Mouth breathing is a bigger problem than it may initially appear. In fact, a study conducted by the Academy of General Dentistry reported that mouth breathing can affect oral health in a variety of ways. Too much mouth breathing as a child can cause a gummy smile or even problems with facial development. And the problems don’t go away in adults either. Mouth breathing has been linked to overall oral health issues, mostly because it causes dry mouth.
Dry Mouth & Oral Health
Dry mouth is an incredibly common complaint in many dental patients, and while it’s certainly uncomfortable, it’s also dangerous. Dry mouth essentially means that saliva production has decreased. And this is a problem. Saliva is responsible for rinsing away bacteria and neutralizing acids in the mouth that attack tooth enamel and lead to decay. Without saliva, teeth are constantly exposed. But that’s not all. Dry mouth can also cause chronic bad breath and is one of the causes of gum disease. Gum disease, if left untreated, can begin to affect the rest of the body and increases the risk of stroke, heart disease, and heart attacks.
The Problem with Allergy Medicine
To get relief from allergy symptoms, we usually turn to our trusted antihistamine. However, while this medicine may indeed ease itchy eyes or decongest sinuses, they may also make dry mouth worse. To help protect yourself and get the allergy relief you want, try:
- Chewing sugar-free gum
- Using lubricating mouthwash
- Drinking water
- Sleeping with a humidifier in your bedroom
Never stop any medication recommended by your doctor without first talking about it.
If you’re concerned that your allergies or allergy medication is causing dry mouth and putting your oral health at risk, we welcome you to call our Sparks dental office to schedule an appointment. We’re here to help keep our neighbors’ smiles healthy and can help you find relief.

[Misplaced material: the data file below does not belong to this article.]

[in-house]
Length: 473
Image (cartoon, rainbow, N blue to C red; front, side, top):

April is recognized as Oral Cancer Awareness Month, and at our Sparks dental office, we know just how serious this epidemic is in the United States. In fact, just over 51,000 people are expected to be diagnosed with it this year. While there have been advancements in oral cancer treatment, and often times the disease is successfully treated, it still takes the lives of approximately 10,000 Americans yearly. This April, join us in learning the risks and symptoms of oral cancer that could save your life.
Know The Risks
It’s important to note that anyone can develop oral cancer whether they have or engage in factors that increase their risk or not. Some of the risks are unavoidable, but many can be controlled through making smart lifestyle choices. Some factors that increase the risk of oral cancer include:
- Tobacco Use: Smoking cigarettes, cigars, or using smokeless tobacco greatly increases your risk of oral cancer. Statistics show that 80% of oral cancer diagnoses are in tobacco users.